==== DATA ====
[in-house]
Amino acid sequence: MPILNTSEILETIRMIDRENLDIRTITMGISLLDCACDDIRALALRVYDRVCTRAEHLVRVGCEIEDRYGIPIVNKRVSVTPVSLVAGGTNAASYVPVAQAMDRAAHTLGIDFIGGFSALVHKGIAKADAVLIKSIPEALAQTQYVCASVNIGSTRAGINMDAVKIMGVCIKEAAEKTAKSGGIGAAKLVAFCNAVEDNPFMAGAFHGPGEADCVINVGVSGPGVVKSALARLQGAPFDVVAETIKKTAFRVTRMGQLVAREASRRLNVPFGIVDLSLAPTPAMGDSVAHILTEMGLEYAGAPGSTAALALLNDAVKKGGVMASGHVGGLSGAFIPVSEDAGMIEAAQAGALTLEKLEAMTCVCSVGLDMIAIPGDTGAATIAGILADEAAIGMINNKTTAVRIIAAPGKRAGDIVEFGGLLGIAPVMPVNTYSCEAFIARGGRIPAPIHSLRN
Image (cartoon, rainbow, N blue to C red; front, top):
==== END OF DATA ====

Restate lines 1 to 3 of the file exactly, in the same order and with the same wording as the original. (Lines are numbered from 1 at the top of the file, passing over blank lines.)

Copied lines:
[in-house]
Amino acid sequence: MPILNTSEILETIRMIDRENLDIRTITMGISLLDCACDDIRALALRVYDRVCTRAEHLVRVGCEIEDRYGIPIVNKRVSVTPVSLVAGGTNAASYVPVAQAMDRAAHTLGIDFIGGFSALVHKGIAKADAVLIKSIPEALAQTQYVCASVNIGSTRAGINMDAVKIMGVCIKEAAEKTAKSGGIGAAKLVAFCNAVEDNPFMAGAFHGPGEADCVINVGVSGPGVVKSALARLQGAPFDVVAETIKKTAFRVTRMGQLVAREASRRLNVPFGIVDLSLAPTPAMGDSVAHILTEMGLEYAGAPGSTAALALLNDAVKKGGVMASGHVGGLSGAFIPVSEDAGMIEAAQAGALTLEKLEAMTCVCSVGLDMIAIPGDTGAATIAGILADEAAIGMINNKTTAVRIIAAPGKRAGDIVEFGGLLGIAPVMPVNTYSCEAFIARGGRIPAPIHSLRN
Image (cartoon, rainbow, N blue to C red; front, top):